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Chapter: Plant Anatomy:An Applied Approach: The leaf

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Specifics of the monocotyledonous foliage leaf

A commonly mentioned anatomical feature of C4 plants is the orderly arrangement of mesophyll cells with reference to the bundle sheath cells,forming concentric layers around the vascular bundle as seen in transection.

Specifics of the monocotyledonous foliage leaf

A commonly mentioned anatomical feature of C4 plants is the orderly arrangement of mesophyll cells with reference to the bundle sheath cells,forming concentric layers around the vascular bundle as seen in transection (Fig. 6.29a). Bundle sheath cells of C4 plants have few if any intercellular air spaces between them, which is in direct contrast to the sometimes large in-tercellular space volume between mesophyll cells in C3 plants. Observa-tions of the concentric arrangement of mesophyll and bundle sheath cells of certain grasses and sedges prompted Halberland to compare the mesophyll layer to a Kranz (wreath-like) structure. The structure of monocotyledon-ous foliage leaves depends to a large extent on the type of photosynthesis (i.e. C3; C4) and on the environmental conditions that the plants grow in (i.e. xerophytic, mesophytic or hydrophytic). Most monocotyledonous foliage leaves are basically parallel-veined, but large numbers of cross-veins serve to interconnect the parallel vein system. Parallel veins in mono-cotyledons are classified as large, intermediate or small.


The monocotyledons are more diverse and although many of them have the type of vascular bundle orientation described above, others have very different arrangements. In grasses, three orders, or classes, of vascular bundle can be recognized within the leaf blade:

 

1   First order, or large bundles. These bundles are characterized by thepresence of large metaxylem vessels on either side of the protoxylem, which is often represented by a lacuna. Obliterated protophloem is evident on the abaxial side of the metaphloem sieve tubes, but is usually obliterated and non-functional in mature leaves. Sclerenchyma girders or strands may extend from these bundles, to the adaxial and abaxial epidermis.

 

2   Second order, or intermediate bundles. These bundles lack large meta-xylem vessels and protoxylem lacunae, but may contain both proto- and metaphloem sieve tubes. Intermediate bundles can be supported by hypoder-mal sclerenchyma strands or girders that occur either on the ad- and abaxial sides of the vein, or on one side only. In the grasses and sedges, intermediate vascular bundles typically occur between successive large bundles.

 

3   Third order, or small bundles. Besides lacking large metaxylem orprotoxylem lacunae, these bundles lack protophloem and are not normally associated with either hypodermal strands or girders and are embedded within the mesophyll.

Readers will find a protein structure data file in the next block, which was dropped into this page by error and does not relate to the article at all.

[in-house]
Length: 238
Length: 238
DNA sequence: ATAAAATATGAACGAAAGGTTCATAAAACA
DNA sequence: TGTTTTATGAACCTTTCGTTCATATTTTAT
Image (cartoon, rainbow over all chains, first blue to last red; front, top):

Leaf blade bundle anatomy

Among the grasses, two anatomical variations are noteworthy – that is, the Panicoid (Fig. 6.30a) and Pooid (Fig. 6.30b) groups. In the Panicoid grasses, the mesophyll is radially arranged and surrounds a parenchymatous bundle sheath. Panicoid grasses contain dimorphic chloroplasts, with granal chloroplasts within the radiating (Kranz) mesophyll and generally -agranal chloroplasts within the parenchymatous bundle sheath cells. Bundle sheath chloroplasts are much larger than the Kranz chloroplasts and lack Rubisco – the Calvin cycle is thus not supported within Kranz mesophyll cells.


Instead, these cells are associated with the initial incorporation of CO2 as aspartate, which is transported to the bundle sheath cells, via numerous plasmodesmata, where malate or aspartate is decarboxylated, and the liber-ated CO2 is immediately incorporated via Rubisco, into the Calvin cycle. Panicoid grasses are thus C4 photosynthetic species. In many Panicoid spe-cies, an additional cell layer exists between the bundle sheath and the vascu-lar tissues below. This layer, which consists of thick-walled lignified cells, is termed the mestome sheath. Ontogenetically, the mestome sheath is derived from the procambium. Mestome sheath cells may either completely surround the vascular tissue, or surround the phloem tissue only within the vascular bundles. The middle lamella between the bundle sheath cells and, in some species that between the mestome sheath cells contains a suberized layer, is termed the suberin lamella. The compound middle lamella has been shown to restrict the movement of solutes, forcing transport (i.e. pho-toassimilate inwards and water outwards) to take an entirely symplastic route, via plasmodesmata there. The suberin lamella may have important ecological consequences, preventing the excessive movement of water from the apoplast, under conditions of water stress. Pooid grasses, like the Pani-coid species, may be associated with a mestome sheath (Fig. 6.30b). Unlike the Panicoid grasses however, the Pooid species do not exhibit chloroplast polymorphism, do not have compartmentalized Rubisco activity and all follow the C3photosynthetic pathway.

Whilst monocotyledonous foliage leaves are generally described as being parallel-veined, large numbers of transverse veins exist within the leaf blade. Figure 6.31 is an electron micrograph of a transverse vein in the leaf blade of Saccharum offi cinarum. In some cross veins, the radial walls of the parenchymatous element may contain a well-developed suberin lamella, which as stated, may have a regulatory role in solute loading and water loss from the xylem to the mesophyll.


Monocotyledonous phloem

As mentioned earlier, the phloem in mature monocotyledonous leaf blades including those of grasses and sedges differs from that of the dicotyledonous leaf blade bundles. Generally, in monocotyledons, the phloem within ma-ture bundles is composed of functional metaphloem sieve elements, associ-atedwithvascularparenchymacells,includingcompanioncells.Thephloem may contain specialized, late-formed metaphloem sieve tubes, which appear to lack the companion cell associations that exist with the early, thin-walled sieve tubes. The late-formed metaphloem sieve tubes have thickened, usual-ly cellulosic walls, which, in some cases (e.g. barley and wheat) may undergo lignification. The thick-walled sieve tubes usually border on, or occur in close proximity to, the metaxylem vessels within leaf blade bundles. The thick-walled sieve tubes may be seen with a good light microscope. Physio-logically, the thick-walled sieve tubes may be symplasmically isolated from other cells within the vascular bundle. In most monocotyledonous species that have been examined thus far, very few plasmodesmatal connections exist between the thick-walled sieve tubes and companion cells and associat-ed vascular parenchyma cells. Instead, thick-walled sieve tubes may be sym-plasmically connected directly to vascular parenchyma cells.